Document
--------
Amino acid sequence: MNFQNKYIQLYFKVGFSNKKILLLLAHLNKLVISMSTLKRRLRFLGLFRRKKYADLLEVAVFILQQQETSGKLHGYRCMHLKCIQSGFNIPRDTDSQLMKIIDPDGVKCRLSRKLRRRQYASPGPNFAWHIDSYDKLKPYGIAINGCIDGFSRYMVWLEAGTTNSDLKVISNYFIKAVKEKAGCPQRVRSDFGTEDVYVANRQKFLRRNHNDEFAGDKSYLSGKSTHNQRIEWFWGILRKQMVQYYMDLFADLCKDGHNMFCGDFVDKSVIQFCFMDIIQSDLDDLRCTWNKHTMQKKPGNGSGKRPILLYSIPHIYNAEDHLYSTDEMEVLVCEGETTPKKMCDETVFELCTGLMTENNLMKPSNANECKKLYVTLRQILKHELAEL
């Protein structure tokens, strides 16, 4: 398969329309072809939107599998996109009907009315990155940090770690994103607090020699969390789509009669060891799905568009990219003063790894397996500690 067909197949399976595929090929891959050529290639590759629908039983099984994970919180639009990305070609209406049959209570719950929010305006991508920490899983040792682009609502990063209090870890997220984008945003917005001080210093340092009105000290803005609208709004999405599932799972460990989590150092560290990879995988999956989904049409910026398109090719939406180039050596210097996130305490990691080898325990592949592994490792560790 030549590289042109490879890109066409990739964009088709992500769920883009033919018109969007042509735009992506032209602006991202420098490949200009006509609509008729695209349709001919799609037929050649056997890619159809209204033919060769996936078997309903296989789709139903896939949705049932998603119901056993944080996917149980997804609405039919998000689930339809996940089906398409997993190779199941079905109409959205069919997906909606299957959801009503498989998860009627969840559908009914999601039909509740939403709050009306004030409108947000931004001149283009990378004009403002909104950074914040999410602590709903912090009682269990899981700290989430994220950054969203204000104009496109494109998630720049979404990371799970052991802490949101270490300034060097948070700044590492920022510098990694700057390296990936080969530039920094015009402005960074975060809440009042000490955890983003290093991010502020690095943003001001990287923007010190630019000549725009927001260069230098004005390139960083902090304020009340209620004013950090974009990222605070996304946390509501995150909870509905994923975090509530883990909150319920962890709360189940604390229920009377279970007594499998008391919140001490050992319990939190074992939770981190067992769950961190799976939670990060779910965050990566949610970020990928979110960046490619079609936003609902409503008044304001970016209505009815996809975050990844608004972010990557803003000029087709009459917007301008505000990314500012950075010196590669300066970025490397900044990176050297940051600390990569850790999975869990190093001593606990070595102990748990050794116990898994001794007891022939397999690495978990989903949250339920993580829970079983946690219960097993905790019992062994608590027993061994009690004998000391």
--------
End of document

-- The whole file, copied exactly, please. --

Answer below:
Amino acid sequence: MNFQNKYIQLYFKVGFSNKKILLLLAHLNKLVISMSTLKRRLRFLGLFRRKKYADLLEVAVFILQQQETSGKLHGYRCMHLKCIQSGFNIPRDTDSQLMKIIDPDGVKCRLSRKLRRRQYASPGPNFAWHIDSYDKLKPYGIAINGCIDGFSRYMVWLEAGTTNSDLKVISNYFIKAVKEKAGCPQRVRSDFGTEDVYVANRQKFLRRNHNDEFAGDKSYLSGKSTHNQRIEWFWGILRKQMVQYYMDLFADLCKDGHNMFCGDFVDKSVIQFCFMDIIQSDLDDLRCTWNKHTMQKKPGNGSGKRPILLYSIPHIYNAEDHLYSTDEMEVLVCEGETTPKKMCDETVFELCTGLMTENNLMKPSNANECKKLYVTLRQILKHELAEL
């Protein structure tokens, strides 16, 4: 398969329309072809939107599998996109009907009315990155940090770690994103607090020699969390789509009669060891799905568009990219003063790894397996500690 067909197949399976595929090929891959050529290639590759629908039983099984994970919180639009990305070609209406049959209570719950929010305006991508920490899983040792682009609502990063209090870890997220984008945003917005001080210093340092009105000290803005609208709004999405599932799972460990989590150092560290990879995988999956989904049409910026398109090719939406180039050596210097996130305490990691080898325990592949592994490792560790 030549590289042109490879890109066409990739964009088709992500769920883009033919018109969007042509735009992506032209602006991202420098490949200009006509609509008729695209349709001919799609037929050649056997890619159809209204033919060769996936078997309903296989789709139903896939949705049932998603119901056993944080996917149980997804609405039919998000689930339809996940089906398409997993190779199941079905109409959205069919997906909606299957959801009503498989998860009627969840559908009914999601039909509740939403709050009306004030409108947000931004001149283009990378004009403002909104950074914040999410602590709903912090009682269990899981700290989430994220950054969203204000104009496109494109998630720049979404990371799970052991802490949101270490300034060097948070700044590492920022510098990694700057390296990936080969530039920094015009402005960074975060809440009042000490955890983003290093991010502020690095943003001001990287923007010190630019000549725009927001260069230098004005390139960083902090304020009340209620004013950090974009990222605070996304946390509501995150909870509905994923975090509530883990909150319920962890709360189940604390229920009377279970007594499998008391919140001490050992319990939190074992939770981190067992769950961190799976939670990060779910965050990566949610970020990928979110960046490619079609936003609902409503008044304001970016209505009815996809975050990844608004972010990557803003000029087709009459917007301008505000990314500012950075010196590669300066970025490397900044990176050297940051600390990569850790999975869990190093001593606990070595102990748990050794116990898994001794007891022939397999690495978990989903949250339920993580829970079983946690219960097993905790019992062994608590027993061994009690004998000391």